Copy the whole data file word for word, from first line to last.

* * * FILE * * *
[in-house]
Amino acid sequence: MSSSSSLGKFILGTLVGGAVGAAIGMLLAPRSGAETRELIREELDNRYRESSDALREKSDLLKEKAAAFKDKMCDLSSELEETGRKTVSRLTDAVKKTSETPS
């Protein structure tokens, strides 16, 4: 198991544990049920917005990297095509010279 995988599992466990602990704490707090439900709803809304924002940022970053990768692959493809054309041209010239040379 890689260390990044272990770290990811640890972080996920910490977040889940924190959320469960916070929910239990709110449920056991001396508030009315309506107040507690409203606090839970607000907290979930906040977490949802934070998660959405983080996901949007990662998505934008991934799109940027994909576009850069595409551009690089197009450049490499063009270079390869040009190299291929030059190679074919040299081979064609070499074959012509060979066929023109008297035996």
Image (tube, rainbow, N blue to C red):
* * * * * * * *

[in-house]
Amino acid sequence: MSSSSSLGKFILGTLVGGAVGAAIGMLLAPRSGAETRELIREELDNRYRESSDALREKSDLLKEKAAAFKDKMCDLSSELEETGRKTVSRLTDAVKKTSETPS
């Protein structure tokens, strides 16, 4: 198991544990049920917005990297095509010279 995988599992466990602990704490707090439900709803809304924002940022970053990768692959493809054309041209010239040379 890689260390990044272990770290990811640890972080996920910490977040889940924190959320469960916070929910239990709110449920056991001396508030009315309506107040507690409203606090839970607000907290979930906040977490949802934070998660959405983080996901949007990662998505934008991934799109940027994909576009850069595409551009690089197009450049490499063009270079390869040009190299291929030059190679074919040299081979064609070499074959012509060979066929023109008297035996």
Image (tube, rainbow, N blue to C red):